New Book Does This News Make Me Look Fat? Addresses Mental Obesity Epidemic.

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New book from ad executive, titled Does This News Make Me Look Fat?, says America’s fast-food media consumption is promoting dangerously weak critical thinking skills and eye-raising beliefs (a.k.a. mental obesity). It shows how to apply the principles of food and food dieting to media consumption as a model for better mental fitness.

20% of Americans think the president is Muslim. 50% of the people who receive Medicare, Social Security and other programs don’t believe they get government money. Why, at the pinnacle of the information age, do so many Americans hold so many corrupted facts and beliefs? New book Does This News Make Me Look Fat? How America's Junk Food Diet Makes Us Mentally Obese. And The Diet Plan For Fitness presents an answer and a solution.

The book argues that the public is not dumb, but rather mentally obese. A condition where fast food like media consumption (large, low quality and taste driven) media habits have made us mentally flabby, cognitively lazy and easily manipulated by emotional and fact-free arguments.

"Media is food for the mind," says author and 20-year advertising executive Brooks Richey. “Without a nutrition plan to guide our data consumption, we tend to consume media that caters to our visceral tastes over our knowledge nutrient needs. Like eating lots of ice cream over vegetables. The build up of junk or opinion-based data takes its toll on the mind and our critical and cognitive skills.”

The book suggests managing the evaluation and consumption of media the same way you do food. Developing a palate to taste flavors in media, learning to distinguish ingredients and facts from emotional taste and flavorful opinions and use the information to create a balanced, mentally nutritional media diet using a media food pyramid.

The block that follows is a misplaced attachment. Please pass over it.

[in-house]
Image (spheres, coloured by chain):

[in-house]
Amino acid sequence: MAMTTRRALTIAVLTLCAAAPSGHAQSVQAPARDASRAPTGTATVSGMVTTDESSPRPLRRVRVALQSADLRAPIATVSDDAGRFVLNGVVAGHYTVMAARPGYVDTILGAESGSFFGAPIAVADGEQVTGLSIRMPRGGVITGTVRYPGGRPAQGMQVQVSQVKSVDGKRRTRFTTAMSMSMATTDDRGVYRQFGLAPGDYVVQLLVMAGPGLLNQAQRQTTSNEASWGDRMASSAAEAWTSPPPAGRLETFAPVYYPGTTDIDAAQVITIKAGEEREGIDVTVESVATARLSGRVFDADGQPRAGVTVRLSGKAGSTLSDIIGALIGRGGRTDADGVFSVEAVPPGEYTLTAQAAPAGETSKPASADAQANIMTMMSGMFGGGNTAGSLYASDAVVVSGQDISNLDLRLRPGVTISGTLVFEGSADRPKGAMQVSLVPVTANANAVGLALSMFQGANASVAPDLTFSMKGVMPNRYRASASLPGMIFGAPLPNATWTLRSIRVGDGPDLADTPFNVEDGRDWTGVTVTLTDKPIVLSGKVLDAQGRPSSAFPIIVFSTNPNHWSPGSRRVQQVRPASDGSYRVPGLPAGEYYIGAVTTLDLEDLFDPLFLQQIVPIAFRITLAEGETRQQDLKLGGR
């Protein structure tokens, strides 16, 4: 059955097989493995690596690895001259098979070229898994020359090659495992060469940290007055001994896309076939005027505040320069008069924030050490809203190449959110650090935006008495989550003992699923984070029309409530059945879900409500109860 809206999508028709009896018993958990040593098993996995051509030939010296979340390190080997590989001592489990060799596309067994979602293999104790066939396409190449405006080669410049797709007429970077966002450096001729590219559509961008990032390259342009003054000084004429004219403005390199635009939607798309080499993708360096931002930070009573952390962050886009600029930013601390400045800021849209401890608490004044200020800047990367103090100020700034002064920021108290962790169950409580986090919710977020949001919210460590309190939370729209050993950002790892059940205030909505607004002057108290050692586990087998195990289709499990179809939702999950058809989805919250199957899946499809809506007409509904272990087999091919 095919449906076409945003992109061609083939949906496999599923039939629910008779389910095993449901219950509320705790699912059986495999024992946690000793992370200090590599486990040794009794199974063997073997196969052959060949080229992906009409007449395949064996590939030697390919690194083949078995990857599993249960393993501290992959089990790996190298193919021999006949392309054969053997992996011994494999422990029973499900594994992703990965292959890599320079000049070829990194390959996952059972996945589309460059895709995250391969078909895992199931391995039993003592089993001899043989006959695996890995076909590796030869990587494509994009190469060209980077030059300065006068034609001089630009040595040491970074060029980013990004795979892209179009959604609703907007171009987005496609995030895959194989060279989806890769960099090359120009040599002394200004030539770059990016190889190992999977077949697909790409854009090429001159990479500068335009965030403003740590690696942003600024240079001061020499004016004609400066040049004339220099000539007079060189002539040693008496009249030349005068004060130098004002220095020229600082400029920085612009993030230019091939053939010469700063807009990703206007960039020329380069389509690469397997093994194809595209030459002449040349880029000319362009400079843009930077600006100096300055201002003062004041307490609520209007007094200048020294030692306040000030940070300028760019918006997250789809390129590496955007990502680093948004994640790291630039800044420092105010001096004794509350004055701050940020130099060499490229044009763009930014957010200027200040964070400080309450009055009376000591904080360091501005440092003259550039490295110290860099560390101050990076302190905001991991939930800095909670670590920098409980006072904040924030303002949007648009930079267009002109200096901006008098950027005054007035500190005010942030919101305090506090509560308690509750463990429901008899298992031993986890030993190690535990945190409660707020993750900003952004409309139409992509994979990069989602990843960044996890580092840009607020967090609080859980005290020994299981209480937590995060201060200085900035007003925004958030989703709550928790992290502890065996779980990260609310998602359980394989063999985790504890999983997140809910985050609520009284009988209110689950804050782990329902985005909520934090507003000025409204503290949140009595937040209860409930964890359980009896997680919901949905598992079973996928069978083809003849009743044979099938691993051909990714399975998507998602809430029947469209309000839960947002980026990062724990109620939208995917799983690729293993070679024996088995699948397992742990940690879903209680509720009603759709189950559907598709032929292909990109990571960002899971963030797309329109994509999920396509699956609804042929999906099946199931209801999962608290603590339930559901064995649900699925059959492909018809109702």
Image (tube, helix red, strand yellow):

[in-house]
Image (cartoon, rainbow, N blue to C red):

Richey says the need for a book like this is long overdue because media and its ability to influence has never really been explained to the public in a way it can wrap its head around beyond “left/right” bias and angry accusations. A 2011 Pew Research poll says the anger at the media is at the highest level ever. Richey says that frustration comes from the public’s sense of helpless to understand its relationship with media outlets or do anything about it.

As he believes The Omnivore's Dilemma was the wake up call for hidden dangers to people within food, Richey thinks Does This News Make Me Look Fat does the same for media. Using food as a model to present a way for ordinary people to make informed and balanced media decisions. And through a healthier media diet, improve their mental fitness and informed reasoning skills to stand up to manipulative messaging.

The book, published through imprint Omena Publishing, is scheduled for release May 1, 2012 on Amazon, Apple and Barnes & Noble bookstores. More on the book is available at the book’s web site http://www.junkfoodmedianation.com and the author’s site http://www.brooksrichey.com.

About Author
Brooks Richey is an award-wining advertising writer, media strategist and president of media consultancy Adhocracy Marketing Group. He’s written and produced ad campaigns for CBS Switchboard.com, The Ad Council and Builders Square featuring comedian Tim Allen. He also writes on media and cultural issues at the blog intellectualbubblegum.com.

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Nik Radzi
Omena Publishing
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